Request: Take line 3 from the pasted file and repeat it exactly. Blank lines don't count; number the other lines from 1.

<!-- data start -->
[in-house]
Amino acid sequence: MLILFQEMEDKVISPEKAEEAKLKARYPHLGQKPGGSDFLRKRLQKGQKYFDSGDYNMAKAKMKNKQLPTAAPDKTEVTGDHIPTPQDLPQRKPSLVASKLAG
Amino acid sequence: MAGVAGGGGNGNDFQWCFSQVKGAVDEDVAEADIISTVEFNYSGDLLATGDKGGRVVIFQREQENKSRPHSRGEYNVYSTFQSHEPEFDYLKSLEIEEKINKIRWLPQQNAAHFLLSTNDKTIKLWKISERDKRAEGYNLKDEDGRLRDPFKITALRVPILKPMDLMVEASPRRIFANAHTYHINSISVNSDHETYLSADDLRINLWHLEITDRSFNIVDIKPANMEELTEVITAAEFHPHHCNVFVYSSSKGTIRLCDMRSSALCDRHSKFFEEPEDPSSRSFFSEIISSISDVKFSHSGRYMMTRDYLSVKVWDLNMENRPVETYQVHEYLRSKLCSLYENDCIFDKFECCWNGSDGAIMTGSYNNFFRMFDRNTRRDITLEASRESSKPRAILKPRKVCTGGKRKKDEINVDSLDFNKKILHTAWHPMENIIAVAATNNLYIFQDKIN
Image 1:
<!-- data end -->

Amino acid sequence: MAGVAGGGGNGNDFQWCFSQVKGAVDEDVAEADIISTVEFNYSGDLLATGDKGGRVVIFQREQENKSRPHSRGEYNVYSTFQSHEPEFDYLKSLEIEEKINKIRWLPQQNAAHFLLSTNDKTIKLWKISERDKRAEGYNLKDEDGRLRDPFKITALRVPILKPMDLMVEASPRRIFANAHTYHINSISVNSDHETYLSADDLRINLWHLEITDRSFNIVDIKPANMEELTEVITAAEFHPHHCNVFVYSSSKGTIRLCDMRSSALCDRHSKFFEEPEDPSSRSFFSEIISSISDVKFSHSGRYMMTRDYLSVKVWDLNMENRPVETYQVHEYLRSKLCSLYENDCIFDKFECCWNGSDGAIMTGSYNNFFRMFDRNTRRDITLEASRESSKPRAILKPRKVCTGGKRKKDEINVDSLDFNKKILHTAWHPMENIIAVAATNNLYIFQDKIN